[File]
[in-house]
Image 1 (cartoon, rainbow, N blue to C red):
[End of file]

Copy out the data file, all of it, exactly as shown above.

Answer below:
[in-house]
Image 1 (cartoon, rainbow, N blue to C red):